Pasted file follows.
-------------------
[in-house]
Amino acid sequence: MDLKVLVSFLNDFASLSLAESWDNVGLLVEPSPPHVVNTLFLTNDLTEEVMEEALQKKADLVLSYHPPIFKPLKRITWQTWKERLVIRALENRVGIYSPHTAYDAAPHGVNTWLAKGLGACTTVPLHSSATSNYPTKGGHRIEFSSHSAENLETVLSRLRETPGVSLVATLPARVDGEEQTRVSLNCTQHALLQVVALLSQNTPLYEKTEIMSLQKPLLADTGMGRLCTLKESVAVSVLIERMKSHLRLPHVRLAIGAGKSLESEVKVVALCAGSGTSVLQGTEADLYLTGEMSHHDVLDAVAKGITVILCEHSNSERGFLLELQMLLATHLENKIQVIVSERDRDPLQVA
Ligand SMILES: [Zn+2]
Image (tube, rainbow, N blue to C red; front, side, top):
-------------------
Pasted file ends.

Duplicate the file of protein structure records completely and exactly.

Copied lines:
[in-house]
Amino acid sequence: MDLKVLVSFLNDFASLSLAESWDNVGLLVEPSPPHVVNTLFLTNDLTEEVMEEALQKKADLVLSYHPPIFKPLKRITWQTWKERLVIRALENRVGIYSPHTAYDAAPHGVNTWLAKGLGACTTVPLHSSATSNYPTKGGHRIEFSSHSAENLETVLSRLRETPGVSLVATLPARVDGEEQTRVSLNCTQHALLQVVALLSQNTPLYEKTEIMSLQKPLLADTGMGRLCTLKESVAVSVLIERMKSHLRLPHVRLAIGAGKSLESEVKVVALCAGSGTSVLQGTEADLYLTGEMSHHDVLDAVAKGITVILCEHSNSERGFLLELQMLLATHLENKIQVIVSERDRDPLQVA
Ligand SMILES: [Zn+2]
Image (tube, rainbow, N blue to C red; front, side, top):